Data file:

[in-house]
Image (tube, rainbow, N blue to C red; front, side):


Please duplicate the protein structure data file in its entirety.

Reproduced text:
[in-house]
Image (tube, rainbow, N blue to C red; front, side):